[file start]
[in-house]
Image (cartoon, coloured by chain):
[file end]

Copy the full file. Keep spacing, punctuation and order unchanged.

[in-house]
Image (cartoon, coloured by chain):